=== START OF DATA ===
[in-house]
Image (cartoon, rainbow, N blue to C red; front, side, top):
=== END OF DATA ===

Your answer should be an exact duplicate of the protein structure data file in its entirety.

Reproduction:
[in-house]
Image (cartoon, rainbow, N blue to C red; front, side, top):